Janis Raisen

Janis Raisen – IAA Archaeologists Uncover a 6000-Year-Old Community

Excavation in Yehud uncovers a 6000-year-old community. (Photo: Courtesy, Griffin Higher Photography)

Janis Raisen – IAA Archaeologists Uncover a 6000-Year-Old Community

Archaeologists from the Israel Antiquities Authority (IAA) have done it again—uncover a fascinating ancient community inside Israel. While at a glance the site may appear uneventful since it’s not part of a cave, a harbor or a temple, looks can be deceiving.

The area they uncovered in the central Israeli town of Yehud, was home to a flourishing, residential community that dates back 6000 years to the Chalcolithic period. The site also shows evidence of established communities during the Byzantine, the Islamic and the Ottoman periods.

Archaeologists and site managers, Eriola Jakoel and Yossi Elisha. (Photo: Janis Raisen)

Archaeologists, Eriola Jakoel and Yossi Elisha, managed the two-month excavation that ended in early December. “We excavated parts of buildings in a vibrant community in the center of Yehud,“ explained Jakoel. Archaeologists don’t always know what lies beneath the surface, but in this case they expected to uncover many clues to build on previous knowledge, which they gained from other excavations they completed in the neighborhood. “This city has a long history, and what’s interesting is that we excavated the continuation of its history,” explained Jakoel. “Just a few years ago we had little information about the area, but because of past excavations we have a new perspective of the city of Yehud, and we know that the history of Yehud dates back 6000 years. Any excavation, whether large or small, helps us put the pieces of the puzzle together, not just for Yehud, but for the entire area,” she explained.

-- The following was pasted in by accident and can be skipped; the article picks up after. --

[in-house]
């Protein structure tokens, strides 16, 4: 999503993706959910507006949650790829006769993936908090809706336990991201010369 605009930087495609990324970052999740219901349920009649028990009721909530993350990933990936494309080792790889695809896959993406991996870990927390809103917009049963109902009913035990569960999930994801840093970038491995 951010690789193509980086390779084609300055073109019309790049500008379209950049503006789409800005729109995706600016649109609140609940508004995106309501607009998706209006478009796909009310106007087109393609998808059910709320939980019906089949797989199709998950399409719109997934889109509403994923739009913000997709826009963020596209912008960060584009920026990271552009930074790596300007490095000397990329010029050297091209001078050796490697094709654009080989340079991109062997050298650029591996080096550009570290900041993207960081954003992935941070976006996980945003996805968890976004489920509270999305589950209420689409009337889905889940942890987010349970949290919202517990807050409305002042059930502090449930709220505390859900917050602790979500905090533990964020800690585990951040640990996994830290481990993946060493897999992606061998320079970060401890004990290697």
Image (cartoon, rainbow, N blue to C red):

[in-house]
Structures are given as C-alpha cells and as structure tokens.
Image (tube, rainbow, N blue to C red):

Remnants from a building seen here, dating back to the Ottoman period. (Photo: Courtesy Assaf Peretz, Israel Antiquities Authority)

It’s a powerful experience to stand in front of an ancient structure and to imagine how people lived. Archaeologists play a vital role in interpreting all of the clues and the remnants that have been left behind.

“We can reconstruct the time period and understand the character of the buildings and the activity that took place,” explained Jakoel. “As buildings were torn down and rebuilt you can see the remnants of the foundations. One of the beautiful aspects of archaeology is that we can discover the activity and way of life of generations of people, as they came and repeatedly rebuilt on existing foundations, each bringing their own changes, their own culture, their own traditions,” Jakoel explained.

Ditch from the Byzantine period discovered. (Photo: Courtesy Assaf Peretz, Israel Antiquities Authority)

The archaeologists were very excited to uncover a ditch in this ancient residential community. The ditch is from the Byzantine period, according to Yossi Elisha. “We think the ditch was there to catch and collect rain water from under the floors, and carry it outside of the building to keep the house dry,” he said.

Outdoor stove from the late Byzantine period. (Photo: Courtesy Assaf Peretz, Israel Antiquities Authority)

“When we excavate different periods we find materials. We know that the land was inhabited. We find all of the places where people lived; we can map out where they lived and why they lived there,” explained Elisha.

Archaeologist Eriola Jakoel holds a piece of a large jar from the Chalcolithic period. (Photo: Janis Raisen)

This intriguing residential area had many interesting finds that were waiting to be uncovered. Hundreds of ceramic pieces were discovered in just the first two weeks of the excavation. Jakoel holds up a piece of a 6000-year-old jar from the Chalcolithic period.